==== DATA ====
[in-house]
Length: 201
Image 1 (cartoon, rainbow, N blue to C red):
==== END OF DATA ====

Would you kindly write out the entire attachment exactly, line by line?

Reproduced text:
[in-house]
Length: 201
Image 1 (cartoon, rainbow, N blue to C red):